Virgin Orbit Fails to Launch Rocket from Jumbo Jet
Virgin Orbit has failed in its maiden attempt to launch a rocket carried by a Boeing 747 off the coast of Southern California. The LauncherOne rocket brilliantly lighted its booster engine on cue after being released from the carrier aircraft — the first time the company had attempted an in-air ignition. An anomaly occurred early in first stage flight, and then the mission was safely terminated.
The attempt was a test for the company’s plan to launch satellites into space in the following years and followed five years of development on the 21.3-metre LauncherOne rocket. Flames shoot from a rocket which has just been dropped from beneath the wing of a jumbo jet. Virgin Orbit’s rocket fired briefly after being dropped from beneath the wing of a jumbo jet. There was no immediate info on what went wrong with the rocket, which carried a test satellite, or on whether it had broken up or fallen into the sea.
The failed test provided a ”treasure trove” of data. The modified jumbo jet took off from Mojave Air and Space Port in the desert north of Los Angeles, and flew towards the Channel Islands, in the Pacific Ocean, where the drop occurred. After taking off from Mojave, Cosmic Girl will fly due southwest to our drop point just south of the Channel Islands. Once we reach the drop point, we’ll enter into a loop that we call the “racetrack” as we wait for final go/no-gos. The rocket was planned to fall for a few seconds before the first two stages ignited and propelled it down the coast toward Antarctica Landform before its demonstration payload gets an entry into a low Earth orbit.
Virgin Orbit now had a “treasure trove” of data, according to chief executive Dan Hart. He said, “We accomplished many of the goals we set for ourselves, though not as many as we would have liked. Nevertheless, we took a big step forward today. Our engineers are already pouring through the data. Our next rocket is waiting. We will learn, adjust, and begin preparing for our next test, which is coming up soon.”
Virgin Orbit’s vice-president for special projects Will Pomerantz said during a pre-flight briefing on Saturday that about half of first rocket launches fail. “History is not kind, necessarily, to maiden flights. There had been numerous tests to verify that the system was ready. In the end, the questions are always, has everything been thought about and are there any gaps or seams. Those are the questions you only learn when you commit to a flight.”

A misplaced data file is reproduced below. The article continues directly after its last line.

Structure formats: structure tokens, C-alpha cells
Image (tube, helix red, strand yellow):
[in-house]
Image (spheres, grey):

A rocket with Launcher One written on the side is attached underneath the wing of a Virgin branded 747.
How long the setback will affect the finances is not now clear. It has six additional rockets still under construction in its factory. A successful launch by Virgin Orbit could have marked a dramatic step in getting back on track after the coronavirus pandemic sent most employees home earlier this year.
The time is just right for small satellite launch market that is why Virgin Orbit is targeting for launching satellites ranging in every size from small toasters to as big as household refrigerators. As told by Mr.Hart, the flight crew is preparing to board the aircraft. Cosmic Girl is piloted by Chief Test Pilot Kelly Latimer, who has been the wind beneath company wings throughout the entire flight test program. Technological advancements have enabled satellites much smaller than traditional payloads to do “real work” in space and for markets ranging from commercial to national security.
While other companies are developing rockets for the small satellite market, and builders of big rockets like SpaceX can carry them into orbit in a ride-share arrangement with large satellites, Virgin Orbit’sOrbit’s air-launch system, based on the aviation industry workhorse 747, is intended to put a satellite up when and where a customer needs it. Virgin can fly to space from any place that can host a 747, which is almost any place, Mr Hart said.
Space company has plenty of work lined up for Virgin Orbit as it has many missions on the books for customers which include US Space Force and Britain’sBritain’s RAF. It is working internationally on plans for launches from the UK & Japan.
Mr Hart provided no specific dollar value for the missions, just called it “hundreds of millions”. Air launch technology dates back decades to X-15 rocket planes in the 1950s and ’60s’60s. For satellites, the method currently in use is Northrop Grumman’sGrumman’s Pegasus rocket program, which had dozen of launches since 1990.
Virgin Galactic has been preparing to begin flights carrying passengers into the lower reaches of space from southern New Mexico. Headquartered in Long Beach, California, Virgin Orbit started as a sister company of Virgin Galactic but has since separated.